The foreign exchange market assists international trade and investment by enabling currency conversion. For example, it permits a business in the United States to import goods from the European Union member states especially Euro zone members and pay Euros, even though its income is in United States dollars. The foreign exchange market (forex, FX, or currency market) is a form of exchange for the global decentralized trading of international currencies.

The Market Participants are discussed in brief below:

Commercial Bank

A commercial bank (or business bank) is a type of financial institution and intermediary. It is a bank that lends money and provides transactional, savings, and money market accounts and that accepts time deposit n order to facilitate international trade and development, commercial banks convert and trade foreign currencies. When a company is doing business in another country it may be paid in the currency of that country. While some of these revenues will be used to pay workers in that country and for administrative expense such as office rent, utilities and supplies, the company may need to purchase goods from a neighboring country in that country's currency, or convert cash to its native currency for return to the home office.

Central bank

National central banks play an important role in the foreign exchange markets. They try to control the money supply, inflation, and/or interest rates and often have official or unofficial target rates for their currencies. They can use their often substantial foreign exchange reserves to stabilize the market.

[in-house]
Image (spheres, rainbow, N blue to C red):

Foreign exchange fixing

Foreign exchange fixing is the daily monetary exchange rate fixed by the national bank of each country. The idea is that central banks use the fixing time and exchange rate to evaluate behavior of their currency. Fixing exchange rates reflects the real value of equilibrium in the market. Banks, dealers and traders use fixing rates as a trend indicator.

Hedge funds as speculators

About 70% to 90% of the foreign exchange transactions are speculative. In other words, the person or institution that bought or sold the currency has no plan to actually take delivery of the currency in the end; rather, they were solely speculating on the movement of that particular currency. Hedge funds have gained a reputation for aggressive currency speculation since 1996. They control billions of dollars of equity and may borrow billions more, and thus may overwhelm intervention by central banks to support almost any currency, if the economic fundamentals are in the hedge funds' favor.

Investment management firms

Investment management is the professional management of various securities (shares, bonds and other securities) and assets (e.g., real estate) in order to meet specified investment goals for the benefit of the investors. These firms (who typically manage large accounts on behalf of customers such as pension funds and endowments) use the foreign exchange market to facilitate transactions in foreign securities

Retail foreign exchange traders

One of the most important tools required to perform a foreign exchange transaction is the trading platform providing retail traders and brokers with accurate currency quotes. Retail foreign exchange trading is a small segment of the large foreign exchange market.